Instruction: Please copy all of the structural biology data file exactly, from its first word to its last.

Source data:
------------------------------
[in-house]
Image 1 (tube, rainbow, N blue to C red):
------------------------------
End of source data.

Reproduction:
[in-house]
Image 1 (tube, rainbow, N blue to C red):